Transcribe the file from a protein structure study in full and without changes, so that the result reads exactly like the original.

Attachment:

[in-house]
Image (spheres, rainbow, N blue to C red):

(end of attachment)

[in-house]
Image (spheres, rainbow, N blue to C red):